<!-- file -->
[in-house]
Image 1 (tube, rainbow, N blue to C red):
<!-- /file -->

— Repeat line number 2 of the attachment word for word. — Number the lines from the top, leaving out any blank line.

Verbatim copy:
Image 1 (tube, rainbow, N blue to C red):